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Demonstrators carry signs in protest against the Northern Gateway pipeline project during a "no" to the Enbridge pipeline rally at English Bay in Vancouver, British Columbia May 10, 2014. REUTERS/Ben Nelms (CANADA - Tags: POLITICS ENVIRONMENT) (BEN NELMS/REUTERS)
Demonstrators carry signs in protest against the Northern Gateway pipeline project during a "no" to the Enbridge pipeline rally at English Bay in Vancouver, British Columbia May 10, 2014. REUTERS/Ben Nelms (CANADA - Tags: POLITICS ENVIRONMENT) (BEN NELMS/REUTERS)

Globe editorial

On Northern Gateway, a duty to consult natives, but no veto Add to ...

The federal government is right to reject any notion that First Nations communities are entitled to a veto over natural resource projects on their traditional lands. There is no legal basis for such a claim; and the United Nations special rapporteur on the rights of indigenous peoples, James Anaya, is wrong to suggest otherwise in the case of the proposed Northern Gateway pipeline.

Governments do have a constitutional duty to consult native communities and take careful account of their key interests and concerns, be they environmental, economic or the result of previous policies. A failure to negotiate these shoals successfully is bound to tie up any major infrastructure project in years of costly legal wrangling that will end up helping no one but the lawyers.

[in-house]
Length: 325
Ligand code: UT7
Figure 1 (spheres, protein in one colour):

The federal cabinet is expected to give the green light early next month to Enbridge Inc.’s Northern Gateway, which won approval late last year from a National Energy Board review panel.

In reaching its decision, the panel attached 209 environmental, safety and financial conditions. But it left no doubt that it considered the pipeline to be in the public’s interest.

That has only intensified opposition on the ground. And Ottawa has done itself no favours through its handling of the situation. Trust had become a casualty long before the UN advocate stepped in, at least partly because the Harper government came across as a staunch advocate of the project long before the review panel completed its work.

Although careful to note that the government was awaiting the result of the panel’s findings and would not intervene in the process, then natural resources minister Joe Oliver often seemed to be the minister in charge of lobbying for the project. It turned communities along the proposed route from skeptical to deeply suspicious, making it tougher to negotiate deals.

Canada does indeed need more pipelines, as oil-sands production increases and energy-hungry foreign markets beckon. The only alternative for moving large volumes is rail, which comes with higher costs and greater safety and environmental risks.

So it’s not a matter of building or not building: More pipe is needed. But that does not mean that every proposed pipeline route is essential, including Northern Gateway’s preferred route. Native groups may not have a veto over the project, but they do know their way around the legal system.

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